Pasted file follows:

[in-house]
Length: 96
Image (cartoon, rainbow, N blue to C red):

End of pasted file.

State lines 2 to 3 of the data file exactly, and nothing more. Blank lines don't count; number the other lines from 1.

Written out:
Length: 96
Image (cartoon, rainbow, N blue to C red):